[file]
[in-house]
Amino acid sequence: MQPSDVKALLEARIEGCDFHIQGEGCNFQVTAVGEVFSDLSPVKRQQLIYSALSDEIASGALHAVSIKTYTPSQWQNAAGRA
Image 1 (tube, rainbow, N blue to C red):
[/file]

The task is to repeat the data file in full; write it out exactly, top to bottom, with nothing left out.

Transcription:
[in-house]
Amino acid sequence: MQPSDVKALLEARIEGCDFHIQGEGCNFQVTAVGEVFSDLSPVKRQQLIYSALSDEIASGALHAVSIKTYTPSQWQNAAGRA
Image 1 (tube, rainbow, N blue to C red):